Demographic disclosure: I am an American who likes good adult (note the lack of euphemistic quotation marks) entertainment, and I am disgusted and ashamed at what thirty years of cultural conservatism has done to my country. Perhaps I’d better back up and explain…
It’s been two years since I started putting my fiction out into the aether through podcasts, selling stories, and otherwise subjecting the universe to my…shall we say “colorful” mental meanderings. My readers and listeners have been good enough to send me feedback throughout the endeavor, which is excellent market research as well as great motivation to keep on.
If there is a single topic â€“ beyond “you cliffhangering bastard” â€“ that I get hit with most, it’s about how I deal with sex in my stories. There are the occasional “that’s really hot” comment, but more often there are the complaints, such as “I can’t stop listening, but do you really have to have so much sex/homosexuality/eroticism/etc.?” I find it fairly ironic, in these post-Heinlein days populated by paranormal romance, vampire erotica masquerading as everyday fiction, and abstinence porn, that treating sex merely as a normal part of life could raise so many hackles, but there you are.
More interesting than that, though, is how little I hear complaints about the violence, which is every bit as unflinching (or, in the words of one reviewer, clinical), as the sexual content. There are moments in Predestination or The Man In The Rain which turn my stomach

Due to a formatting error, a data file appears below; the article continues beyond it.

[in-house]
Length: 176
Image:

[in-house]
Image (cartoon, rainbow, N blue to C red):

reading them, and yet they pass with relatively few comments compared to, for example, the sex scene between Joss and Cassy toward the end of Predestination or pretty much anything in Down From Ten.
As an American, I’ve been hearing about the double-standard between sex and violence most of my life â€“ over the last two years I’ve been able to see it in action through my audience and through the eyes of non-American colleagues such as Philippa Ballantine, who once quipped to me: “On American TV sure, we’ll show murder and mayhem, but God forbid you show a boob!”
We all know this, right? Or at least we’ve heard it before. Most Americans ignore it in one fashion or another. Toward the conservative end of the cultural spectrum it can even look like a good thing: Robert M. Price once told me in an interview that he found Hostel powerful because it shows that the trivialization of sex through pornography and prostitution leads directly to slavery and torture (he’s not alone in this assertion â€“ there’s a broad coalition of feminist and fundamentalist philosophers who share the same general conclusion, though their core values otherwise differ).
Normally I keep my trap shut about things like this, unless someone asks me about it directly, because it’s the kind of topic on which people tend to be partisan. That changed this week, though, when I watched through a TV series called Harper’s Island â€“ a nice little mystery thriller made for CBS last year. The premise is simple â€“ it’s Ten Little Indians done in the style of a slasher film, and it’s remarkably effective. It’s effective, well-executed (no pun intended), and deeply twisted.
I had a lot of fun watching it until it occurred to me, sometime in the middle of the series, that this was done for broadcast TV â€“ not cable, not satellite or premium channels, but broadcast. This series which features the kind of gore that, even today, would earn it a hard R rating in the theater, was broadcast on American TV.
You know, American TV, where three frames of breast exposure is enough to cause a national crisis? Where Bono saying â€œfuckâ€ on an awards show costs the network hundreds of thousands of dollars in fines? Where the word â€œpissâ€ is bleeped out of Mythbusters episodes that air on cable? America, the land of the free that banned Carlin from the radio? The America that is so culturally brittle that it can’t stand the freedom of speech enshrined in its own constitution for fear of what might happen to the children?